Small moves in grains, larger falls in oilseeds in offshore futures overnight; Wednesday’s settlements as follows.
- Chicago wheat May contract up 2 cents per bushel to 447c;
- Kansas wheat May contract up 3.5c to 420.5c;
- MATIF wheat May contract down €1.25 to €185
- Minneapolis wheat May contract up 0.25c to 527.50
- Corn May contract down 0.75c to 358.25c;
- Soybeans May contract down 9c to 879c;
- Winnipeg canola May contract down C$3.30/t to $451.20
- MATIF rapeseed May contract up €1.75 to €361.50
- WTI crude oil May contract down US$0.29 per barrel to $63.76
- Dow Jones down 3.12 points to 26449.54;
- AUD down to 0.7177c,
- EUR up to $1.12998;
- CAD up to $1.334.
CBOT Wheat was up 2c to 447c, Kansas wheat up 3.5c to 420.5c, corn down -0.75c to 358.25c, soybeans down -9c to 879c and Matif canola was up 1.75€ to 361.5€. The Dow Jones was down -3.11 to 26449.54 , Crude Oil finished down -0.07c to 63.69c, AUD up to 0.71771c, CAD down to 1.33426c, (AUDCAD 0.95761) and the was EUR up to 1.12998c (AUDEUR 0.6351).
Wheat prospects all smiles
A relatively quiet day amid more private analysts increasing Russian production ideas. IKAR was the latest to increase the wheat crop, although they only went up to 79.5mmt vs SovEcons 83.4mmt out earlier in the week. The northern hemisphere simply doesn’t have a weather problem – and the market isn’t concerned about possible short falls from Australia so its all smiles and high fives from a production perspective. There are parts of Europe that still need to be watched but if Russia is >84mmt it will be hard for global markets to rally significantly.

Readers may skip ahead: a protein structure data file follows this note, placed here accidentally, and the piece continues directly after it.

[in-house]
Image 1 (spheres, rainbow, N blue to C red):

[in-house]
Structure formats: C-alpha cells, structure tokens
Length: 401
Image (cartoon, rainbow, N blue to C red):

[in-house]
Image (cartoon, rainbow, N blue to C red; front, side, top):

Local markets took stock of Tuesday’s new crop basis rally with light trade on ASX wheat. Some of the longer range weather models put some rain into northern NSW and right through QLD however there was a lack of alignment between some of the other models. This morning doesn’t provide much in the way of hope for the next few weeks which gets us into the beginning of May. As we have constantly stressed, we have had later breaks that have still produced exportable surpluses. We are seeing the impact however on rotations with many growers dropping canola, as reflected in ample seed availability. Old crop still trying to rationalise northern hemisphere availability against a less than favourable new crop outlook.
Source: Lachstock Consulting